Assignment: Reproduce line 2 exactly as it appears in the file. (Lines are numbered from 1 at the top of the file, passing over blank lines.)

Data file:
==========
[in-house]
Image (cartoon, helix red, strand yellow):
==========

Image (cartoon, helix red, strand yellow):